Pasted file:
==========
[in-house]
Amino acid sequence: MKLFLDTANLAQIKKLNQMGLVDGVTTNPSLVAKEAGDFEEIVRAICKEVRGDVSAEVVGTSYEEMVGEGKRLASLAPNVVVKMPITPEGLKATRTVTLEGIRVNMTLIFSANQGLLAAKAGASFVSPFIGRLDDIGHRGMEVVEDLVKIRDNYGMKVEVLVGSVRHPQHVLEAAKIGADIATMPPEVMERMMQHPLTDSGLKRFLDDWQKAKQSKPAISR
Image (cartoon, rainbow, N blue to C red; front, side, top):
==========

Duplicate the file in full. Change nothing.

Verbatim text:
[in-house]
Amino acid sequence: MKLFLDTANLAQIKKLNQMGLVDGVTTNPSLVAKEAGDFEEIVRAICKEVRGDVSAEVVGTSYEEMVGEGKRLASLAPNVVVKMPITPEGLKATRTVTLEGIRVNMTLIFSANQGLLAAKAGASFVSPFIGRLDDIGHRGMEVVEDLVKIRDNYGMKVEVLVGSVRHPQHVLEAAKIGADIATMPPEVMERMMQHPLTDSGLKRFLDDWQKAKQSKPAISR
Image (cartoon, rainbow, N blue to C red; front, side, top):